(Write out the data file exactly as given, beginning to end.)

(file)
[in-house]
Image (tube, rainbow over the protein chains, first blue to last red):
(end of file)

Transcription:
[in-house]
Image (tube, rainbow over the protein chains, first blue to last red):